1. Compared with non-exercises, women who exercised during pregnancy were less likely to require an acute C-section during their first delivery.
2. High-impact and frequent exercise were associated with the greatest reduction in cesarean deliveries.
Evidence Rating Level: 1 (Excellent)
Study Rundown: In the United States roughly 1 in 3 women deliver by C-section, which is a rate nearly twice what the World Health Organization recommends. While in some cases cesarean deliveries are medically necessary for both mothers and babies, they are major abdominal surgeries, requiring a longer recovery than vaginal deliveries. Additionally, risks of bleeding, infection, and damage to other organs are increased. Additionally, studies show that babies born by vaginal delivery experience improved respiratory outcomes. For these reasons, there’s an initiative to reduce cesarean delivery rates in developed countries worldwide, including identifying modifiable risk factors. Regular exercise has been shown to reduce risks of gestational diabetes, preeclampsia and excessive birthweight, all of which have been linked to increased likelihood of cesarean delivery. Studies looking directly at how exercise impacts cesarean delivery rates, however, have been limited and inconclusive. In this large, population-based cohort study, researchers looked at the relationship between exercise of various intensity during pregnancy and cesarean delivery in nulliparous women.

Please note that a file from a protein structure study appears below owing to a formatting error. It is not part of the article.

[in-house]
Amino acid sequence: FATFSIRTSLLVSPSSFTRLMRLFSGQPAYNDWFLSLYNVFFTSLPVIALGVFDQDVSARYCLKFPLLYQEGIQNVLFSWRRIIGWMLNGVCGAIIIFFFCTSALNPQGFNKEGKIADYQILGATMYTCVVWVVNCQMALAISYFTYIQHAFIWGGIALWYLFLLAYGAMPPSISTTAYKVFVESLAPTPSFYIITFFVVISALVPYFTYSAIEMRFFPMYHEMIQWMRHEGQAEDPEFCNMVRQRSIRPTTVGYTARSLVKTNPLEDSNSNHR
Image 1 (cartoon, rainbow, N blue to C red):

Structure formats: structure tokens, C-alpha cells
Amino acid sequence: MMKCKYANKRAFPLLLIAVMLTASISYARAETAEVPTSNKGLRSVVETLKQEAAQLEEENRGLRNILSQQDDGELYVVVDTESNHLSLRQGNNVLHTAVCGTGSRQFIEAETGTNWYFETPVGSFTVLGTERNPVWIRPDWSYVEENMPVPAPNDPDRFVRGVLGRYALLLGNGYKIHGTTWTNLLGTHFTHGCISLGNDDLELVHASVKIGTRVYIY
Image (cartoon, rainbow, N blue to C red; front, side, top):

Compared with non-exercisers, women who exercised during pregnancy were less likely to require a C-section during their first delivery. Strengths of this study include the large sample size and national health record, which makes it easy to get accurate, large volume, birth outcome data. Overall cesarean section rates were much lower in this Norwegian cohort compared with the US population (15% vs. 30%), so results may not be generalizable to the US population. Futures studies might try to replicate these findings in other health care systems and patient populations.
Click to read the study in AJOG
Relevant Reading: Caesarean section without medical indications is associated with an increased risk of adverse short-term maternal outcomes
In-Depth [prospective cohort]: Nulliparous women with a singleton pregnancy who were enrolled in the Norwegian Mother and Child Cohort Study from 2000-2009 (n=39.187) were included in the analysis. Participants prospectively answered questionnaires that assessed exercise frequency and type at weeks 17 and 30 of gestation. The primary outcome was need for cesarean delivery (acute or elective), obtained from the Norwegian national birth registry.
The overall cesarean delivery rate was 15.4%. Of these, 77.4% were acute cesarean deliveries, meaning the decision was made <8 hours before the delivery. Women who exercised during pregnancy were less likely to require a cesarean delivery, particularly an acute cesarean delivery. The largest reduction in risk of cesarean was seen in women who exercised more than 5 times per week during weeks 17 (-2.2%, p = 0.004) and 30 (-3.6%, p < 0.001) of gestation (trend: p < 0.001). High-impact exercise was associated with the greatest reduced risk of acute cesarean delivery (-3.0% at 17 weeks, -3.4% at 30 weeks, p < 0.01 for both).
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